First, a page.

News Release

Religion’s Role in Building Peace in New Zealand Communities

New Zealand delegates bring faith and values-based practical examples, and aroha, to the 29th Annual International Law and Religion Symposium at Brigham Young University this week

Vanisa Dhiru, New Zealand UNESCO Commissioner; and Rakesh Naidoo, Superintendent of New Zealand Police, were among around 80 delegates from across the globe at the annual Symposium at BYU held 2-4 October 2022 in Provo, Utah.

Vanisa Dhiru (middle), New Zealand UNESCO Commissioner and Rakesh Naidoo (right), Superintendent of New Zealand Police, with Fred Axelgard, moderator of the New Zealand session of the International Law and Religion Symposium held at Brigham Young University in Provo, Utah on 2-4 October 2022. © 2022 by Intellectual Reserve, Inc. All rights reserved.

The Symposium brings together academics, policy-makers, faith representatives, government officials and other thought leaders to seek to understand world trends, and to discover local opportunities to strengthen religious liberty for the benefit of all humankind.

Dhiru was invited to offer the invocation at the Symposium’s initial keynote session on Sunday evening, which she offered in Te Reo Māori.

Vanisa Dhiru, New Zealand UNESCO Commissioner, presents at the 29th Annual International Law and Religion Symposium during the New Zealand session, held at BYU (Brigham Young University) in Provo, Utah on Tuesday, 3 October 2022.2022 by Intellectual Reserve, Inc. All rights reserved.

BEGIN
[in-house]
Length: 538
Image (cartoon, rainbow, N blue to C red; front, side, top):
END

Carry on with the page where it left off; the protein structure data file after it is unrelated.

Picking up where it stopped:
Her presentation included practical ways that the commission and others have been working to encourage “freedom of responsible expression” and to help young people and others to learn through experience how to participate in society in mutually respectful and other positive ways.

She encouraged people of faith and goodwill to "move forward together.”


Naidoo reported on work that he and others in the New Zealand Police have done in furtherance of their goal to be examples of inclusiveness and diversity in civil society. An example he gave was how Police have incorporated religious articles of faith into their uniform protocols.

He spoke about police officers in New Zealand being encouraged to bring their “full selves to work,” including their faith, within the rule of law, so as to demonstrate to the diverse communities they serve that the police are a key part of their communities, not an outside group. This mindset and approach has been successfully applied in recruiting new police officers who are empowered to do their duty with their full identity and enabled to use their complete set of gifts and talents.


In his remarks to all Symposium attendees in the final session of the symposium, Naidoo called for collective effort to strengthen communities. “Adversaries do not want us to discover the power that our collective commitments to work together for the greater good will make.”

Both delegates from New Zealand modelled sensitivity to culture and diversity by including Māori greetings and karakia (blessings) in each of their presentations.

Recordings of Dhiru’s, Naidoo’s and other delegates’ presentations will be available on in the next few days.

The theme of the 29th Annual International Law and Religion Symposium was “Religion’s Roles in Peacebuilding”

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